Chris Horner on la Vuelta
Richie_B – Member
The last thing I’ll say to the people who don’t believe in cycling, the cynics and the sceptics: I’m sorry for you. I’m sorry that you can’t dream big. I’m sorry you don’t believe in miracles. But this is one hell of a race. This is a great sporting event and you should stand around and believe it. You should believe in these athletes, and you should believe in these people.
I once felt that way I thought I had a good idea who was ‘prepared’ and who was clean but then again I believed in David Millar…
Richie, I believe that is a famous Armstrong quote…Posted 4 years ago
Horner’s delight at taking his win was reflected most strongly when he spontaneously grabbed the press conference microphone and recounted how his 11-year-old son had said he would prefer him to continue racing when Horner had had doubts because of his knee injury earlier this year.
“He told me not to retire, because right now it was cool to be able to tell his friends his dad was a professional doing the Giro and other races, and with every pedal stroke I felt that, what he’d said.
“Now he can say his dad won the first Vuelta for America, he’s the only 40-something year-old to have won a Grand Tour, and that’s something he’ll be able to enjoy for the rest of his life, to enjoy that for ever.”Posted 4 years ago
Frankenstein – Member
… there are plenty of 40+ athletes out there.
It’s just that none of them are stuffing gc riders ten years or so their junior, having never won a gt stage let alone a gt jersey before and being so good they haven’t even got a contract for 2104.Posted 4 years agobrakesMember
gutted for Nibali, thought he’d been holding something back for the Angliru and was excited when he took it on… great ending to a Tour that wasn’t living up to expectations for me.Posted 4 years ago
I just can’t like Horner though… it’s his attitude and demeanour as well as his unexpected performances.piemonsterMember
I’m just wondering if all the people moaning
I got into sport first in the early/mid 90s, and with that became aware of pro cycling.
I’ve known nothing else but epo doping cyclists to be present in, and winning Grand Tours. So you’ll have to forgive me if it takes a while to start believing in ‘miracles’
Still, I’m hopeful that its not quite as bad as 100m sprinting, although I’m not willing to place bets.Posted 4 years agoSpinMember
In order to enjoy pro-cycling in these days of suspicion you need to institute a chinese wall in your head.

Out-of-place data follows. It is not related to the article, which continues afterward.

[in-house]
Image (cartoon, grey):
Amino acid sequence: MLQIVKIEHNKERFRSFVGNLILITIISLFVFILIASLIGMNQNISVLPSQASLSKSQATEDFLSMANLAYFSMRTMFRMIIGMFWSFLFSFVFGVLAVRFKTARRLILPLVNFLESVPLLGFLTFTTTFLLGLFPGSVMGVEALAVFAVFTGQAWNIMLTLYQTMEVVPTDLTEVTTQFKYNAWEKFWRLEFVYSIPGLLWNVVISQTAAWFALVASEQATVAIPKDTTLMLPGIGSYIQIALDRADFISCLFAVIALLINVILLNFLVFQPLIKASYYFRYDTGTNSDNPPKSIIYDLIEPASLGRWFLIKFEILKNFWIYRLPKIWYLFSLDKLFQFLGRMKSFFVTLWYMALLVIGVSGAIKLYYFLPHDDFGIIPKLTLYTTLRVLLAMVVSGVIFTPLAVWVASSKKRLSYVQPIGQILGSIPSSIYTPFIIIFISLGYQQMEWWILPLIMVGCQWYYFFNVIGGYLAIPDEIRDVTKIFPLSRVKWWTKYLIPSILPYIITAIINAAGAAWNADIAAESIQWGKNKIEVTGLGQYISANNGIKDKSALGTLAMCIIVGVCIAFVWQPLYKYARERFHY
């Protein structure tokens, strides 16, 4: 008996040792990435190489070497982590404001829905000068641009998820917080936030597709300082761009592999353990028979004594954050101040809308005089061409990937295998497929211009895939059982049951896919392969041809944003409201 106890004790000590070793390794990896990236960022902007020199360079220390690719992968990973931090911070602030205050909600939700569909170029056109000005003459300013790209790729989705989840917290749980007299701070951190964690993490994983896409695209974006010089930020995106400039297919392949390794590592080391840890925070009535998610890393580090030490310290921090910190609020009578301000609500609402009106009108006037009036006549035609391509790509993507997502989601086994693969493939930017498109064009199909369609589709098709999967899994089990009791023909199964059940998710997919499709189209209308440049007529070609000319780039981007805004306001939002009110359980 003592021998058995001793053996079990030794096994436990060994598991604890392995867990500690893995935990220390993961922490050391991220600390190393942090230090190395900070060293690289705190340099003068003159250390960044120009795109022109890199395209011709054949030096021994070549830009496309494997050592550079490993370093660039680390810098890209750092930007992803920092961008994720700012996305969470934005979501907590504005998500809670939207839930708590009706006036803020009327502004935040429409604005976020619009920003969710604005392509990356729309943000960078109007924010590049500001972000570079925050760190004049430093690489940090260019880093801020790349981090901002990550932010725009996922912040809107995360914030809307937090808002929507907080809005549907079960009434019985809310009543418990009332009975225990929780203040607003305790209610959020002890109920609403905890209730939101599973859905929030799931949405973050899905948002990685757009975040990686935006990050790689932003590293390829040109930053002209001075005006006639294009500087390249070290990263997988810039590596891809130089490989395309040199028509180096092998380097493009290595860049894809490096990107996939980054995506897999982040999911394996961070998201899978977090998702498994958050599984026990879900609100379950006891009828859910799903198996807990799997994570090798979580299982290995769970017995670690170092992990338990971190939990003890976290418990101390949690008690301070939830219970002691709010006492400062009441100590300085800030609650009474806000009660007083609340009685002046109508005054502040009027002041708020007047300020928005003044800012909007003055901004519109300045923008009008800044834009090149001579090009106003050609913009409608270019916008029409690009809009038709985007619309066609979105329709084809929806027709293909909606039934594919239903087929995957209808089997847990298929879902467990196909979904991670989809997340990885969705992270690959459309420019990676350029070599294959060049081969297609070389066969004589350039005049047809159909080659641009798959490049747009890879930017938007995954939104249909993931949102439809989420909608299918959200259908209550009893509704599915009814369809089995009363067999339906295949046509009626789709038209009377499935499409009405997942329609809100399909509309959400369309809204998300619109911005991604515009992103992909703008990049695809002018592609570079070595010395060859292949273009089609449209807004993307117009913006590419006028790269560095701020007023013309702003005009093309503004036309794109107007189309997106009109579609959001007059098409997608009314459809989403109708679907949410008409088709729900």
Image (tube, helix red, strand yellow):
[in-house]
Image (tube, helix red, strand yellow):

Watch the race. Enjoy the race. Don’t think about the doping potential, it will spoil it for you.
I pity those poor individuals who are not capable of this. The Vuelta must have been an impoverished experience for you whereas for me it was exhilarating.Posted 4 years agoaracerSubscriber
I’m just wondering if all the people moaning are either 40+ fatties or young people who are 5hit riders who see their Dad beating them.
40+ ex high level athlete here, who’s found just how much harder it gets when you’re over 40. Maybe those who aren’t suspicious are either not old enough to know, or have never competed at a high enough level?Posted 4 years agosamuriMember
We all know what the real problem is here. I’m going to come out and say it. Forget all the doping suggestions and all that malarkey. The real problem is the viewers who are finding their bigotry challenged.
But it’s OK, we forgive you. All we ask is that you reset your perceptions. You’re wrong, all you have to do now is accept it and move on.
Now after me…..
“Slapheads can be winners too”
That’s better isn’t it?Posted 4 years agocouldashouldawouldaMember
**** it. In the last few years I could have been persuaded by GB, Sky, the slower Spanish guys etc.
But the last few days of the 2013 Vuelta?
Next thing Phat Mcquaid will be re elected to his $40,0000,0000 a year consultancy (the UCI paperstamp) and there will be one person somewhere who still thinks that cycling has cleaned up.Posted 4 years agomikey74Member
I can’t believe the amount of emotional baggage people attach to professional sport. Personally, I thought today’s stage was one of the most entertaining stages I’ve seen for a long time. If Horner does fail a drugs test then it will be a shame, but I won’t lose any sleep over it.
If you want honour, humility and fairy stories, go and watch sunday league rugby, go and watch a marathon and support all those struggling to even get to the finish line in the name of charity, go and watch an ironman and see what average people put their bodies through.
Don’t rely on professional sport to uphold your moral and emotional standards: You will always be disappointed. Afterall, professional sport is a cut-throat, win at all costs occupation and couldn’t give a crap about your idealistic view of your “heroes”.Posted 4 years agoBristolPabloMember
CH was not riding on an Armstrong team pre 2009 and Horner is very experienced, spent most of his career riding for Continenal teams. His Palmares isnt littered with big wins but then neither are most GT riders! Horner is an experienced guy and is tactailly astute. He barely rides post May, Tour of Utah, Tour of California, season done… so was always coming it to this race fresh. Rodriguez has done something like 70k competitive kms this year finishing in the top 5 in each GT and somehow stays under the finger pointer’s radar and Nibali is riding for Astana for heavens sake, Katie Price is cleaner than that team!
testing seemed to work well on the Giro with two Vini Fantini riders being kicked out so I think its reasonable to assume that anyone using PEDs will get caught….Posted 4 years ago
The topic ‘Chris Horner on la Vuelta’ is closed to new replies.